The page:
The right or Paulinite wing increasingly had a policy of converting the Romans to their ideology. In this they succeeded but at the cost of being converted themselves into instruments of power in the hands of that same ruling class. Not that the ruling class immediately saw the use of Christianity even the most right wing type.
Christianity originally was the religion of the oppressed – fundamental economic changes had to take place in the Roman Empire before the Paulinite version could be accepted. Even so, ‘conservative’ elements in the ruling class, wishing to retain the old slave holding society resisted the new ideology. For the classical economy of slavery the Roman religion was suitable ideology; for a feudalised, more military, economy a stricter hierarchical ideology was necessary.
Paulinite Christianity was easily adaptable to the purpose, for as the reformist wing, it had already a strong potential for elitism and hierarchical formation. Materially as it developed it copied the form of Roman administration and hierarchy so that when its time came it could offer material as well as ideological support to the degenerated Empire and its feudal successors.
The left wing, although comparable in strength to the Paulinites during the Second century were by no means comparable to a left wing movement among the modern working class. They tended to be regionally based, although the letter of ‘Jude’ and others seem to indicate that there was some contact across the Empire. The letters of Paul to Corinthians seem to indicate an intervention of gnostics in the Corinthian branch of the Church from elsewhere. These ‘visitors’ that were attacked by Paul seem to have had some success in winning the Corinthians power from the Paulinites to the left.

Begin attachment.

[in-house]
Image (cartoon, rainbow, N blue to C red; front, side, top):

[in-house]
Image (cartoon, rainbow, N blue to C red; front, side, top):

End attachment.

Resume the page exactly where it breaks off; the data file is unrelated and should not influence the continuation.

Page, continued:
The major left grouping gave themselves the title ‘Ophite’. This title means ‘The Snake’ and it is one of the many features which connect Christianity, especially the gnostics, to the matriarchies of the Mediterranean and the middle east.
The old matriarchal religions survived in some form during the Roman Empire. They were the religions of slaves and oppressed peoples of the Empire – with the recent exception of the Jews. The ‘Ophite’ system successfully linked these old matriarchies into a unified whole and linked this to Jewish scripture. The link with Jewish scripture was an absolute necessity since the Jews were the focal point of resistance against Roman oppression.
From our vantage point in history, the Ophite use of scripture may seem ingenuous, if not a little contrived, but in the context of the 1st and 2nd centuries it is perfectly logical. Generally all gnostic sects held the Jewish scripture to be valid but a refutation of Jewish belief.
In other words, they accepted the scripture as true and therefore accepted the reality of the Jewish God but maintained that the purpose of Christ’s intervention on earth was to refute the laws of the Jewish God and overthrow the principles of patriarchy. Christ, therefore, was not God’s son but God’s superior come to supersede and overthrow him and reverse his laws. The ‘Ophite’ meant the ‘snake’, the snake of the Garden of Eden, evil for God but in fact good for mankind as the snake was none other than (for some sects) Christ in an earlier incarnation.
For the Ophites and allied sects, Christ was not a man, but a combined male/female entity. The Christ that came to earth was a combination of the Incorruptible Light of the Right Hand (male -Christ) and the Incorruptible Light of the Left Hand (female – Sophia). They had come to earth previously as the snake of the Garden of Eden (for the Cainites at least). Their first visit had been a failure, they attempted to give Adam and Eve knowledge but were thwarted by the Jewish God who was nothing more than a renegade angel.